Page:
Once we were in agreement, I fired up SketchUp. Another set designer had been trying to talk me into using it, and this time I decided to give it a go and see whether I liked it. I already had an idea as to what the houses might look like, so now I developed them some more, in 3D, based on each character’s personality. The houses were mostly facades and roofs, since that’s all I would need. Here are four of them:

Mockingbird 3

Then, going back to my original concept sketch, I turned each house (in SketchUp) to get just the angle and view I wanted:

Mockingbird 1

Now I printed each one out, placed a sheet of colored tracing paper over it, and traced it in pencil to get a “pencil sketch” look:

Mockingbird 4

This took a few tries, since I was also working on the drawing style I thought Jean Louise would have used. I could have sketched out the houses in pencil to begin with, but SketchUp gave me the ability to turn them until they were “just so,” instead of having to re-draw them several times.

Once I was happy, I scanned each sketch, did a bit of work on it with Paint Shop Pro (a product similar to Photoshop), and imported them into SketchUp for the final “assembly” into the town:

Mockingbird 5

Two of the houses needed a real porch, so we added them while still keeping to the pencil-sketch look.

The tree worked out the same way. I looked at numerous live oaks online, found one I liked, modified it some, sketched it, and imported it into SketchUp. I was also careful to place the knot hole at just the right height for Scout and her brother:

Mockingbird 6

Unfortunately, I don’t have a good photo of the set, but here’s one under work lights:

Mockingbird 7

To create the actual scenery units, I printed out each house for the scenic artists, and they then gridded the printouts and transferred the designs to the full-size pieces. They also mixed a background paint exactly the color of aged newsprint (from an actual sample) and then a lining color that looked just like pencil graphite.

You can see a few photos of this project on my web site, at To Kill a Mockingbird, and more on how I use SketchUp right here on the blog at I love SketchUp and A set design from start to finish.

I’ve used this same technique a number of times by now, and I really like it. It gives me the ability to draw something freehand just the way I want it and then import it into SketchUp to develop the set design and the renderings. Once the designs are in the computer, I can transfer them directly into the shop drawings and even home in on some of the details, since they’re already there. It’s a creative solution and a time-saver at the same time.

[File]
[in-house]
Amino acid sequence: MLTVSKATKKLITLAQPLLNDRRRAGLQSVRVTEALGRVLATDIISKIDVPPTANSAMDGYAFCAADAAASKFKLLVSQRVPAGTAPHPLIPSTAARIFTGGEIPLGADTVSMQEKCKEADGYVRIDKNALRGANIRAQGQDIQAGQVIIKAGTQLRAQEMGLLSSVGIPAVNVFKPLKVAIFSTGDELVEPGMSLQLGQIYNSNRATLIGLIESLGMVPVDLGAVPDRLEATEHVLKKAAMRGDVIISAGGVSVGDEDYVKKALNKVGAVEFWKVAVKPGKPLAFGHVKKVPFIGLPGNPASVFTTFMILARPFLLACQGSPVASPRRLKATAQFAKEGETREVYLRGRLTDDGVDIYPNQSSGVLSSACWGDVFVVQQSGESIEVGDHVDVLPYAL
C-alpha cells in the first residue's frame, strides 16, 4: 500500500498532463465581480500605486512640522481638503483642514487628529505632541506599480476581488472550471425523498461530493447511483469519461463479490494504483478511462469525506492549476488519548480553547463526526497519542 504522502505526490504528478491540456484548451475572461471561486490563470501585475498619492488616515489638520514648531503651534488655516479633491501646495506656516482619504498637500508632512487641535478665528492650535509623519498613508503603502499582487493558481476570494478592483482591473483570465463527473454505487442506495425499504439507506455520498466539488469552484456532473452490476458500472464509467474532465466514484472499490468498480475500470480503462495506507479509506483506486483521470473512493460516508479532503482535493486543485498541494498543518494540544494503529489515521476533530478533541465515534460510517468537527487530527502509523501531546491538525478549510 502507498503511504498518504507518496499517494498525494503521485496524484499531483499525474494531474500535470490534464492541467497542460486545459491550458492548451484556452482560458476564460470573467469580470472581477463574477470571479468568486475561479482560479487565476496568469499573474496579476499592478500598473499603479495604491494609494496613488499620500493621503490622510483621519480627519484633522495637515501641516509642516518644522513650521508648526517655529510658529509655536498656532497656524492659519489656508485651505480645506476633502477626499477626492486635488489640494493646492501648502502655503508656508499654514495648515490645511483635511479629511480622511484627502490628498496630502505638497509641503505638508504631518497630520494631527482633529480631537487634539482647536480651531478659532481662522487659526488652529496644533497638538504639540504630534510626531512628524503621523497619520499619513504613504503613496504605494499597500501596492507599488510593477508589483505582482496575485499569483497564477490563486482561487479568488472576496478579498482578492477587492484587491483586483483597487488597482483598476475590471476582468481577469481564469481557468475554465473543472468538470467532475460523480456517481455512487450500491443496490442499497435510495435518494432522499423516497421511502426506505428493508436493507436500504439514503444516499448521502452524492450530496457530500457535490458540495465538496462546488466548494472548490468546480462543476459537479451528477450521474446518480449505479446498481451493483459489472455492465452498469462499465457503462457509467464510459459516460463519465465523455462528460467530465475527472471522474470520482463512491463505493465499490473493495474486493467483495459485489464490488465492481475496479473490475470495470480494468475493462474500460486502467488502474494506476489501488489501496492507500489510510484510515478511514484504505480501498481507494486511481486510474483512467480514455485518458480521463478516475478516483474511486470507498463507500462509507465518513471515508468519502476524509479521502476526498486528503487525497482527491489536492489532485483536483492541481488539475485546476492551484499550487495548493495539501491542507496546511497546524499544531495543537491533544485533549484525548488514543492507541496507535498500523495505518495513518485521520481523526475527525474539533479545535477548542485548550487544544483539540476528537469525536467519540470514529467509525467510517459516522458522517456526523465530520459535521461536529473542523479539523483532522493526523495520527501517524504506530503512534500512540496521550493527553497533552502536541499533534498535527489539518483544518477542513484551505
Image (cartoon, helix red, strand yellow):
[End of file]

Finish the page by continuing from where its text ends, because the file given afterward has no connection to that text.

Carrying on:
Revolves don’t have to be round

My first year in junior college we built a revolve for a show. It was a huge affair with three different scenes, one of which had folding panels to change the setting quickly. In the center of this revolve was what we called the “delta unit,” which was a triangular space that led to each of the three scenes. I kid you not: it was easy (and known) for people to get lost in the thing.

That was my first revolve, and of course it was round. And, of course, going by the textbooks, we built up the floor around it so the whole surface would be at one level and the turntable wouldn’t be visible. It worked beautifully, but, being the first revolve most of us worked on, it also gave us the impression that revolves have to be round.

Not so.

Your typical revolve, out of a textbook, is a round turntable in the middle of a built-up area. The backs and sides of the set, and the structure on it — and of course the dimensions — can be anything, but the basic idea is the same:

Revolve 1

Now and then we see a revolve without the built-up area around it, which looks like a round platform:

Revolve 2

Nothing wrong with this, as long as it fits visually into the overall design.

But it doesn’t have to be round. Years ago I designed a small, non-round revolve for Equus, which was about six feet on a side:


But it wasn’t square: the edges were ragged, so it looked like a rough wooden platform:

Revolve 4

We can also take this idea a bit further and stack several levels on it, creating a sort of revolving hill or rock formation:

Revolve 5

And here’s another way to look at a revolve, from a set I did for Shrek:

Revolve 6

For this one, we used half of an existing 12′-diameter round revolve and built a square piece on the other side to create a tilted stand for a huge book:

Shrek book